Mac OS 9 also remains a delightful environment to work in, in some respects such as flexibility and snappy Finder response better than OS X, and on older hardware it's like turbo-boost compared with OS X. It also can be more stable than it's often given credit for. I once went more than three months with daily use on my old WallStreet PowerBook running OS 9.2.2 without restarting, and only then when I needed to install something.

I have to admit, however, that it's been a while since I booted directly into the Classic OS, although my old Pismos can do so. I'm thoroughly addicted to OS X features like Spotlight (and its third-party derivatives, such as Spotinside), Spaces, and built-in spellchecking. However, I do keep Classic Mode running pretty well all the time on the Pismo, so I still have my hand in with the old OS.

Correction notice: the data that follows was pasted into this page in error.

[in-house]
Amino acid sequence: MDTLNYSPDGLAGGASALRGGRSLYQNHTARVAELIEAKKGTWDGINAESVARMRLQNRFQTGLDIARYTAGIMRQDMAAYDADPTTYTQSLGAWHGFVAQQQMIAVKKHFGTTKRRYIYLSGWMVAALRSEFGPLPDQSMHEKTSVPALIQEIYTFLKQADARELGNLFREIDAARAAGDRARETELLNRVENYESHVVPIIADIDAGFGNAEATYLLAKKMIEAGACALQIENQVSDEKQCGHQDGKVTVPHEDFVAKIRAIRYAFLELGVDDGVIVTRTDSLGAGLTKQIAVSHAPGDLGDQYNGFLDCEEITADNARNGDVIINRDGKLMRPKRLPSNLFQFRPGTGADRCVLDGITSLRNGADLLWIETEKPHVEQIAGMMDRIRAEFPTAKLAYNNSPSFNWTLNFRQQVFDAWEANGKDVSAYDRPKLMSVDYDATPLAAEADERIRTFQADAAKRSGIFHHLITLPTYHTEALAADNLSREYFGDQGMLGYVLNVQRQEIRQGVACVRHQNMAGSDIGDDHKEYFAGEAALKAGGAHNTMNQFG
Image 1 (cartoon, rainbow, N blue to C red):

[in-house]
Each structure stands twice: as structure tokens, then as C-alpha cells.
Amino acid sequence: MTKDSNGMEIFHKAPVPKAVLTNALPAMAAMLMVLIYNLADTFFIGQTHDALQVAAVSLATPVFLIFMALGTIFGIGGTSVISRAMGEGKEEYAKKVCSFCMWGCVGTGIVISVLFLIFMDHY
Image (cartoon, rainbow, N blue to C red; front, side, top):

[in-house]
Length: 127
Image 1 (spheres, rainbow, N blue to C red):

Charles

Is Leopard Viable on a Blue & White G3?

From Lee:

Hi Charles,

Thanks

When I tried to locate 10.4 Tiger on YourMacStore's website, I was unable to locate. I have 9.2.2. They seem not to have 10.4.x, not at $75 or any price.

London Drugs has OS X 10.5.x for $129. Why on earth would I spend $200 or $300 on what is an out of date OS.

If I were to upgrade my Blue and White with a processor, memory, and video card, would it run 10.5?

Again thanks

Lee

Hi Lee,

Discontinued copies of OS X installer disks are where you find them and while supplies last. I've seen out-of-date installer disks selling for more than whatever the current shipping version is. Supply and demand.

The official cutoff for Leopard support is an 867 MHz G4, so theoretically if you install a 1 GHz G4 upgrade and sufficient RAM (at least 1 GB), it should be possible to install Leopard, although you would probably have to avail yourself of the XPostFacto installer hack for unsupported Macs.

Personally, I would go with Tiger on that machine. I haven't even seriously considered trying to run Leopard on my G4-upgraded Pismo PowerBooks. Leopard is a marginal enough performer on my 1.33 GHz PowerBook G4 with 1.5 GB of RAM.

If you want to try Leopard on the B&W, check out the info on this forum: